Home > Dental Care > The Importance of Healthy Teeth

The Importance of Healthy Teeth

By: Sally Aquire - Updated: 9 Apr 2013 | comments*Discuss
Teeth Gums Healthy Teeth Healthy Gums

Keeping your teeth and gums healthy is vital for your general health. If you do not look after your teeth and gums properly, plaque and tartar can easily build up. This can create several problems, including gum disease, tooth decay and tooth loss. If you suffer from certain medical conditions, maintaining healthy teeth and gums is even more important. For example, those who suffer from diabetes should take particular care of their teeth and gums as high glucose levels can make you more likely to develop periodontal disease.


Plaque is formed when bacteria from your saliva attaches itself to your tooth enamel. Initially, it is colourless and hard to see. Brushing your teeth twice a day with fluoride toothpaste will help to remove plaque. In addition to this, flossing on a daily basis and using anti-bacterial mouthwash will also be beneficial for fighting plaque.


Tartar is formed when some of the minerals found in your saliva react with built-up plaque to create a hard white layer. This often happens behind your lower front teeth. If tartar is allowed to build up, it requires a dentist or dental hygienist to remove it. Removing as much plaque as possible from your teeth is the best way to stop the build-up of tartar.

Periodontal Disease

If plaque and tartar are allowed to build up, they can result in periodontal disease. In its early stages, this involves the soft gum tissue becoming irritated. This is known as gingivitis. Periodontal disease is a step further than this, and involves the bone underneath the gum becoming irritated as well.

Periodontal disease has several signs, including:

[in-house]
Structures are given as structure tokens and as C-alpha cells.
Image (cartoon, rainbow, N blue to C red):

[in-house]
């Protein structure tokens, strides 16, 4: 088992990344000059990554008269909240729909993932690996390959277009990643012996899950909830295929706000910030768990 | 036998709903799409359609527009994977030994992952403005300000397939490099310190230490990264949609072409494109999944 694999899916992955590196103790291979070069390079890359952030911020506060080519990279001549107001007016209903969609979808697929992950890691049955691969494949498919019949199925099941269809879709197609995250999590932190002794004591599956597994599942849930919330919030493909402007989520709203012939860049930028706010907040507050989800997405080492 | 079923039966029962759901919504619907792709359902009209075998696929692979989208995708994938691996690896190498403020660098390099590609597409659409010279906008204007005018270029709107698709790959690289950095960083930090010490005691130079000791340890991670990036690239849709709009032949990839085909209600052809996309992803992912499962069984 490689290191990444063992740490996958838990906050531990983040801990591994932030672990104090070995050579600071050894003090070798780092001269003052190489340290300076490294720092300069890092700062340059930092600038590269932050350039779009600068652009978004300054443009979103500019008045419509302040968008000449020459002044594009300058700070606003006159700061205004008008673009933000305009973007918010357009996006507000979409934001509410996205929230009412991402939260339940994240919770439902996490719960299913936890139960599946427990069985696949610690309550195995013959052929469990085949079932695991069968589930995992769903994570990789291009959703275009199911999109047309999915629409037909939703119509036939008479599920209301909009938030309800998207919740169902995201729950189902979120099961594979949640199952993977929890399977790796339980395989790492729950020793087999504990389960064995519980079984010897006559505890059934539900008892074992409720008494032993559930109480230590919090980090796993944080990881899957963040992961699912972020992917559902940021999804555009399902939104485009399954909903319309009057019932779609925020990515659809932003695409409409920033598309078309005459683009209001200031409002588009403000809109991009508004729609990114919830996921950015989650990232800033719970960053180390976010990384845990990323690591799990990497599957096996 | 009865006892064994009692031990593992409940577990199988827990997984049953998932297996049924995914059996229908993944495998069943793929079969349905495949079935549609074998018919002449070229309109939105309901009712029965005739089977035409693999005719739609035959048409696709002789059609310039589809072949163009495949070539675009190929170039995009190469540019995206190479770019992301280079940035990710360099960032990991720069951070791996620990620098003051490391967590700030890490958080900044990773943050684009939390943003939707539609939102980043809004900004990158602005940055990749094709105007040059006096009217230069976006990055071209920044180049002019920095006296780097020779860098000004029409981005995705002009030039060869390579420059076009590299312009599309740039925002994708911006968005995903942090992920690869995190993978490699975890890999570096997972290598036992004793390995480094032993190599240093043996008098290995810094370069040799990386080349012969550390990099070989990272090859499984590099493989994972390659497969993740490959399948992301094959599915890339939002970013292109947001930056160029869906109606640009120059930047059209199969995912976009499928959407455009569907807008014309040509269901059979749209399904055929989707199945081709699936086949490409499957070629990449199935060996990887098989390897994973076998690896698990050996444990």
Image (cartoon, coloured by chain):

• Red and swollen gums
  • Bleeding when brushing your teeth or flossing
  • Bad breath
  • Feeling as though there is a bad taste in your mouth
  • Receding gums
  • Teeth becoming loose
  • Teeth starting to move apart
The latter signs on this list are indicative of periodontal disease, while the former signs are more indicative of gingivitis. Gingivitis can be treated by having tartar removed by your dentist and taking care to clean your teeth and gums properly. Periodontal disease is more difficult to treat as it is more advanced. However, plaque and tartar deposits can be removed from the relevant teeth. If periodontal disease is detected early enough, it can stop the bone being damaged.

Diabetes and Healthy Teeth

Maintaining healthy teeth and gums is especially important if you have diabetes. If you suffer from high blood sugar levels, you have more chance of developing periodontal disease. Ironically, periodontal disease also has a detrimental effect on your blood sugar levels, which obviously results in a no-win situation. Because of this, you need to clean your teeth twice a day (or more, if you prefer) and floss on a daily basis. Using an anti-bacterial mouthwash can also be a good idea. You should also avoid eating foods that are rich in sugar. As well as affecting your blood sugar levels, sugary and sticky foods can result in an increased build-up of plaque on your teeth.

You might also like...
Share Your Story, Join the Discussion or Seek Advice..
Why not be the first to leave a comment for discussion, ask for advice or share your story...

If you'd like to ask a question one of our experts (workload permitting) or a helpful reader hopefully can help you... We also love comments and interesting stories

(never shown)
(never shown)
(never shown)
(never shown)
Enter word: